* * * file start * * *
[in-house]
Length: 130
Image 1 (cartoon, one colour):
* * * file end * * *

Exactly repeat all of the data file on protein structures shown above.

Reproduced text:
[in-house]
Length: 130
Image 1 (cartoon, one colour):